22. Acute myocarditis after SARS-CoV-2 vaccination in a 24-year-old man:
  23. A series of patients with myocarditis after vaccination against SARS-CoV-2 with mRNA-1279 and BNT162b2:
  24. COVID-19 mRNA vaccination and myocarditis:
  25. COVID-19 vaccine and myocarditis:
  26. Epidemiology and clinical features of myocarditis/pericarditis before the introduction of COVID-19 mRNA vaccine in Korean children: a multicenter study e/en/covidwho-1360706.
  27. COVID-19 vaccines and myocarditis:
  28. Myocarditis and other cardiovascular complications of COVID-19 mRNA-based COVID-19 vaccines
  29. Myocarditis and other cardiovascular complications of COVID-19 mRNA-based COVID-19 vaccines
  30. Myocarditis, pericarditis, and cardiomyopathy after COVID-19 vaccination:
  31. Myocarditis with covid-19 mRNA vaccines:
  32. Association of myocarditis with COVID-19 mRNA vaccine in children: vid-19-vaccine-in-children/
  33. Association of myocarditis with COVID-19 messenger RNA vaccine BNT162b2 in a case series of children:
  34. Myocarditis after immunization with COVID-19 mRNA vaccines in members of the U.S. military:
  35. Myocarditis occurring after immunization with COVID-19 mRNA-based COVID-19 vaccines:
  36. Myocarditis following immunization with Covid-19 mRNA:
  37. Patients with acute myocarditis after vaccination withCOVID-19 mRNA:
  38. Myocarditis associated with vaccination with COVID-19 mRNA:
  39. Symptomatic Acute Myocarditis in 7 Adolescents after Pfizer-BioNTech COVID-19 Vaccination:
  40. Cardiovascular magnetic resonance imaging findings in young adult patients with acute myocarditis after COVID-19 mRNA vaccination: a case series:
  41. Clinical Guidance for Young People with Myocarditis and Pericarditis after Vaccination with COVID-19 mRNA:
  42. Cardiac imaging of acute myocarditis after vaccination with COVID-19 mRNA:
  43. Case report: acute myocarditis after second dose of mRNA-1273 SARS-CoV-2 mRNA vaccine:
  44. Myocarditis / pericarditis associated with COVID-19 vaccine:
  45. The new COVID-19 mRNA vaccine platform and myocarditis: clues to the possible underlying mechanism:
  46. Myocarditis associated with COVID-19 vaccination: echocardiographic, cardiac tomography, and magnetic resonance imaging findings:
  47. In-depth evaluation of a case of presumed myocarditis after the second dose of COVID-19 mRNA vaccine:
  48. Occurrence of acute infarct-like myocarditis after COVID-19 vaccination: just an accidental coincidence or rather a vaccination-associated autoimmune myocarditis?:

This list is not meant to be all inclusive of all peer-reviewed potential harms from mRNA vaccines. To access any of the 1,000 Vaccine Harms published in Medical journals Click The Link Below:


Updated_Peer_Reviewed_medical_papers_submitted_to_various_medical.pdfDownload PDF • 1.01MB

Acute inflammatory demyelinating polyneuropathy or Guillain-Barré syndrome associated with COVID-19: a case report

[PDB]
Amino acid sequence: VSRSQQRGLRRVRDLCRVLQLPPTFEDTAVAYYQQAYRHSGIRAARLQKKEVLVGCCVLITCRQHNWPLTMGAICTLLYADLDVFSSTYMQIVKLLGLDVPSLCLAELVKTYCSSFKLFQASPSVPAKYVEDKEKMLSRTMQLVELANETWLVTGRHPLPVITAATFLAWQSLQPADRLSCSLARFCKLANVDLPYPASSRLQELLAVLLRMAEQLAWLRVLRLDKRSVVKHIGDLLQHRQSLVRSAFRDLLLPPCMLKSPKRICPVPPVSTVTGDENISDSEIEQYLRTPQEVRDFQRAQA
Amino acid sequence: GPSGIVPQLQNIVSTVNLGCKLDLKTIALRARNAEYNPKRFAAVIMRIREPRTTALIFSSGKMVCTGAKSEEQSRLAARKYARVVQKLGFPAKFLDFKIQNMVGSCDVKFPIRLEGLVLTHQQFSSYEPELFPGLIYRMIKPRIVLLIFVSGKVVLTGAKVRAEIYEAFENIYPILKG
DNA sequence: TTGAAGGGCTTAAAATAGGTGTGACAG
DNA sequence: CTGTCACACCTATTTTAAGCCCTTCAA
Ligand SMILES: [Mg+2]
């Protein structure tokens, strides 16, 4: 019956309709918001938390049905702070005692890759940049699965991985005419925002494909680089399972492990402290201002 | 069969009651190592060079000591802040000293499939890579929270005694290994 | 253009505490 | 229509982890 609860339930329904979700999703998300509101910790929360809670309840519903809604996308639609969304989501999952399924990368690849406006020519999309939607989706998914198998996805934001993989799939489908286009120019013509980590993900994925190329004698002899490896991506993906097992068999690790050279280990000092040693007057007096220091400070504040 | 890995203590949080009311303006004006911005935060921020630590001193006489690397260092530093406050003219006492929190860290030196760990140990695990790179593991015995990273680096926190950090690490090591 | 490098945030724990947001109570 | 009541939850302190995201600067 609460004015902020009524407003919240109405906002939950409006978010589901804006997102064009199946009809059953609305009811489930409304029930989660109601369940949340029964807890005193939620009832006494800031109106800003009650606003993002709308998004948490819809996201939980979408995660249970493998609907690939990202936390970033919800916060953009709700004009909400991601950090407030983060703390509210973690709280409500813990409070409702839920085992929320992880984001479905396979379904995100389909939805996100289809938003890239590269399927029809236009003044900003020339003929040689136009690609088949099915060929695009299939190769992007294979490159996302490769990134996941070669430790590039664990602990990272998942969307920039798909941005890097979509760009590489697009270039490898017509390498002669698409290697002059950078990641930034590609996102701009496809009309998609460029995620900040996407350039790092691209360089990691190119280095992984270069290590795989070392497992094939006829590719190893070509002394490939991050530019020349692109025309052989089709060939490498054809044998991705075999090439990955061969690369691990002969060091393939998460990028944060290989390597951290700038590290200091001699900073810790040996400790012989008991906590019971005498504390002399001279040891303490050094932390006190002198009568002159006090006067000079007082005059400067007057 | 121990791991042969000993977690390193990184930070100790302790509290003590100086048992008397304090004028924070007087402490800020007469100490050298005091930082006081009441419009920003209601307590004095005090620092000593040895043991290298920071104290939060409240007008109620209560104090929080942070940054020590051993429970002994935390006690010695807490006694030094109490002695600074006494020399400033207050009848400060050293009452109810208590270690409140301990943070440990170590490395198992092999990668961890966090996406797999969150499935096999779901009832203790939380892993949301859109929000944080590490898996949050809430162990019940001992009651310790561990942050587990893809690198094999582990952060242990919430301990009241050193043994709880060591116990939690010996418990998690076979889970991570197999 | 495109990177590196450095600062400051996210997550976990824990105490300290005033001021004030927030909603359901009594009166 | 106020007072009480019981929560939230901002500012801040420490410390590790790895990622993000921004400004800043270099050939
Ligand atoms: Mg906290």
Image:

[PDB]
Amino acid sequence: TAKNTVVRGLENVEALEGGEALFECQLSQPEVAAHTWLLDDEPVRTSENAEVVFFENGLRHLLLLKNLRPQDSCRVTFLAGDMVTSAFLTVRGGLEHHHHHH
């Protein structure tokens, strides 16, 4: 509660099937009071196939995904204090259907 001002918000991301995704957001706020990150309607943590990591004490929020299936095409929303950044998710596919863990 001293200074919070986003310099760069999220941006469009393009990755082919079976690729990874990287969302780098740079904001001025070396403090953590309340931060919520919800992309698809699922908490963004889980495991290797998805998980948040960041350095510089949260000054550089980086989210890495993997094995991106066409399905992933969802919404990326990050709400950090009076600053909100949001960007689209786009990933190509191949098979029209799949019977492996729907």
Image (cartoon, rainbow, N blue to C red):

Journal of Medical Case Reports volume 15, Article number: 219 (2021) 



Coronavirus disease 2019 (COVID-19) is a global pandemic. The disease, typically characterized by bilateral pulmonary infiltrates and profound elevation of inflammatory markers, can range in severity from mild or asymptomatic illness to a lethal cytokine storm and respiratory failure. A number of recognized complications of COVID-19 infection are described in the literature. Common neurological complications include headache and anosmia. Guillain-Barré syndrome (GBS) is an uncommon complication described in isolated case reports. However, a causal relationship has yet to be established. This case report adds to the growing body of evidence that GBS is a potential COVID-19 complication.

Case presentation

A 70-year-old Caucasian woman with recently diagnosed COVID-19 infection presented to the emergency department with 4 days of gradually worsening ascending lower extremity weakness. Exam revealed bilateral lower extremity weakness, mute reflexes, and sensory loss. Soon after starting intravenous administration of immunoglobulin (IVIG), the patient developed respiratory distress, eventually requiring intubation. She remained intubated for the duration of her IVIG treatment. After five rounds of treatment, the patient was successfully extubated and transferred to acute rehab. Following 4 weeks of intense physical therapy, she was able to walk with assistance on room air.


At the present time, this is one of the few reports of acute inflammatory demyelinating polyneuropathy (AIDP) or GBS associated with COVID-19 in the United States. It is unclear whether a causal relationship exists given the nature of the syndrome. However, in light of the growing number of reported cases, physicians should be aware of this possible complication when evaluating COVID-19 patients.

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Coronavirus and the Nervous System

What is SARS-CoV-2 and COVID-19?

Coronaviruses are common causes of usually mild to moderate upper respiratory tract illnesses like the common cold, with symptoms that may include runny nose, fever, sore throat, cough, or a general feeling of being ill. However, a new coronavirus called Severe Acute Respiratory Syndrome coronavirus 2 (SARS-CoV-2) emerged and spread to cause the COVID-19 pandemic.